Now that we have covered the season preview for the forward group in Boston. It is time to turn the attention to how this team plans on keeping the puck out of the net. Coming into the second season with the same defensive core and goaltending tandem could be an advantage for the Bruins. Chemistry is vital in an NHL lineup, and the Bruins have plenty of it. With a new coach in Jim Montgomery coming in to help change the style of play on the ice, players will lean heavily on each other as they change roles on the ice.
This season will start with injuries impacting the lineup in a profound way. Charlie McAvoy and Matt Grzelcyk will miss a significant amount of time to start the season. Grzelcyk is estimated to return sometime in the first month of the season, while McAvoy is expected to return in December. Not ideal to have two of your top-four defensemen out.
Hamphus Lindholm is set for his first full season in the black and gold after being acquired from the Ducks at last year’s trade deadline. After signing an eight-year extension to remain in Boston, it’s obvious that Lindholm wants to be a key member of this Bruins roster. Lindholm was able to produce five assists in ten games last season after joining the Bruins and has a history of 20-30 points per season with the Ducks. Boston will rely on Lindholm to lead this defensive unit while McAvoy remains on LTIR to begin the year. This may be a tall task for Lindholm, but if the Bruins have any hopes of staying competitive, he will need to step up to the task.
Brandon Carlo returns for his seventh year in Boston and is arguably one of the most pivotal. Jim Montgomery has already made it known that he will be expecting more from a player like Carlo. Stating that he wishes him to jump into the offensive side of the game more regularly. Carlo has previously solidified himself on the Bruin’s second pair as a stay-at-home defenseman, and asking him to jump up in a rush will be interesting to watch this season. Suppose Carlo can elevate his average by 15-20 points per season under a Montgomery system. In that case, his current contract will turn out to be a gem, with four additional years remaining at $4.1m AAV.
Mike Reilly and Derek Forbort both signed similar contracts with the Bruins last year and had mixed results. Reilly played 70 games and had 17 points, while Forbort played 76 games and had 14 points. Both players had mediocre seasons at best and left much to be desired. Thankfully for Forbort, he proved his worth in the postseason, where he became a force on the blue line. Blocking shots and becoming one of their most reliable shutdown defenders showed why he deserves a space on the roster. With a cap hit of $3 million, Reilly’s place on the roster has come into question this offseason. As the Bruins are looking at how to give themselves cap flexibility, Reilly’s name comes up often. He isn’t an overly physical defenseman, either. No matter how you slice that pie, cheaper options are available to the Bruins via prospects who provide the same production in their lineup. Reilly is playing for his future as a Boston Bruin at this point. If he doesn’t show his value, it wouldn’t surprise me to see him moved at some point this season, especially after the injury issues clear themselves up.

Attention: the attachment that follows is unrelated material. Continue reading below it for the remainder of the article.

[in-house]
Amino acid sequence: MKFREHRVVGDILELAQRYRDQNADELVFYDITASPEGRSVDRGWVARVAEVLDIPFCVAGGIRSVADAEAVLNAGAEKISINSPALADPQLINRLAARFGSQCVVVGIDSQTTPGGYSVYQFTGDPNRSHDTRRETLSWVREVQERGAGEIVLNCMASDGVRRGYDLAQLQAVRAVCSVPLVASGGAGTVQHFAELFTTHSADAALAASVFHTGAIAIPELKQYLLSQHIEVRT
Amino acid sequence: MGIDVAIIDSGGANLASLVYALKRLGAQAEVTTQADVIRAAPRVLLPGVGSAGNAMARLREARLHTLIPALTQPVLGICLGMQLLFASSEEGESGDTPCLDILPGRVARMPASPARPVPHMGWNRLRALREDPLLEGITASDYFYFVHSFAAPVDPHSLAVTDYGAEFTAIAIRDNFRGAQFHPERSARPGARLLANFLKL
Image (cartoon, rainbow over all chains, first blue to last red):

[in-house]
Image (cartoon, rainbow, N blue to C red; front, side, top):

Connor Clifton will provide a steady presence on the third pairing for the Bruins whenever called upon this season. It seems that no matter how many games Clifton plays in, he always finds a way to get on the score sheet or get the announcer to talk about that “Cliffy Hockey.”
As we talked about at the beginning, Charlie McAvoy and Matt Grzelcyk will miss time to start the season. They will significantly boost the lineup as they return from rehabbing their injuries. First to return is Grzelcyk, returning for his seventh year in black and gold. Grzelcyk has been a steady offensive presence on the Bruin’s back end, getting some power play time and favorable zone starts. Averaging 20 points per season and always a respectable plus/minus. Grzelcyk is in a year that I believe could be a turning point in his career. He has not been very good in playoff hockey, not by any means. In 59 playoff games, Grz comes in at a whopping -18, a monumental shift compared to his 307 regular season games with a +78. He is just not built for playoff competition and intensity, and I don’t see that magically changing.
Charlie McAvoy is the knight in shining armor for the Bruin’s blueline. A Norris Trophy contender and a reliable two-way game make him the obvious #1. McAvoy will be in the first year of his new eight-year $76 million contract extension, and expectations will be very high. When he returns to the lineup in December, you can expect him to take control of the top powerplay unit and play 20+ minutes per game. While I think the amount of time missed will keep him out of serious Norris contention, I think we are in for a 70+ point season from Charlie McAvoy.
Now the most intriguing player last, Jakub Zboril. Zboril was set for his golden opportunity last season before he was sidelined with an injury. He passed the eye test with flying colors in the ten games he played and added three assists to the scoresheet. As long as Zboril can remain healthy, this is the year he becomes a household name in the NHL. I hope to see Zboril playing alongside Lindholm on the top pair while McAvoy is on LTIR. If Zboril can show he is a top-four defenseman in the NHL, the future blueline in Boston is VERY stable.
Here are my ideal pairings with and without injured players.
Lindholm – Zboril
Reilly – Carlo
Forbort – Clifton
Lindholm – McAvoy
Zboril – Carlo
Forbort – Clifton/Reilly